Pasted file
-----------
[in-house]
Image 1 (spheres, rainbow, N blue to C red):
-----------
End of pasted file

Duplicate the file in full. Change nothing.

[in-house]
Image 1 (spheres, rainbow, N blue to C red):